Gang of Youths
Fremantle Arts Centre
REVIEW JESSIE PAPAIN
Gang of Youths are arguably Australia’s biggest band of the moment.
The Sydney quintet scooped a slew of ARIA Awards last year, including Album of the Year for their stunning sophomore record, Go Farther in Lightness, plus three of the Top 10 spots in Triple J’s Hottest 100.
Still riding high from the 2017 release, the band are on their second tour to promote the album and have once again sold out every date.
Part of the modern rock outfit’s appeal is the way their music seems to make warriors of their listeners — frontman Dave Le’aupepe’s heartfelt lyrics are full of calls to action to love deeply, live fully and not give up on ourselves.
However, there seemed to be a bit of magic missing from the first of two capacity shows at Fremantle Arts Centre.
There’s no doubt Le’aupepe is a captivating performer.
Part of the modern rock outfit’s appeal is the way their music seems to make warriors of their listeners.
Whether on guitar, solo at a grand piano or trying out some tongue-in-cheek dance moves, he is mesmerising to watch and haunting to hear.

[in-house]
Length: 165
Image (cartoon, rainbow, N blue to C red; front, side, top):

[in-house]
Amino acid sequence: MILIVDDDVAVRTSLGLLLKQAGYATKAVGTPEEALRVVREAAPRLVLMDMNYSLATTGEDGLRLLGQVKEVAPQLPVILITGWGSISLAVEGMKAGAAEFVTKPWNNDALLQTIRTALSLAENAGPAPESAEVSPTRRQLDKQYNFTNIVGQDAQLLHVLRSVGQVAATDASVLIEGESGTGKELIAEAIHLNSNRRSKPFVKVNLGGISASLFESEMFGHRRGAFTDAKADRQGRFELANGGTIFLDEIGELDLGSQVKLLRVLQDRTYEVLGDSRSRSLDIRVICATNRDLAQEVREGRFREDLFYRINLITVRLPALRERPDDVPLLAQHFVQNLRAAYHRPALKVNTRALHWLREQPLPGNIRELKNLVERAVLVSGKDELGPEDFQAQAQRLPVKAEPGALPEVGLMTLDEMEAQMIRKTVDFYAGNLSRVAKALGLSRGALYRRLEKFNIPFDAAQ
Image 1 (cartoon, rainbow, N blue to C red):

And the set list was stellar, leading with Fear and Trembling and moving through their catalogue of moody tunes, with highlights being Do Not Let Your Spirit Wane, The Heart is a Muscle, Let Me Down Easy and Magnolia. But there was a lost connection between the stage and the crowd at times, with emotive ballads like Kansas and Perseverance failing to command attention the way they should have.
Expectations are certainly great for the group, and perhaps it’s just a symptom of how strong their first two records are that the bar they set for themselves is so high.
That aside, they were on point musically, with the vocals and instrumentation deep and rousing. The sense of inspiration and empowerment that infuses their work carried through to Le’aupepe’s brief moments of banter, where he reminded punters they could change their lives at any moment.
“If you feel like you’re a drunk teenager wandering through the world looking for a kebab, this is for you,” he said, before closing the main set with an enchanting rendition of The Deepest Sighs, The Frankest Shadows.